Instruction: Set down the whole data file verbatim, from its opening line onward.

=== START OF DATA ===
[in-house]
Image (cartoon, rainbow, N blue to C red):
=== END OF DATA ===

[in-house]
Image (cartoon, rainbow, N blue to C red):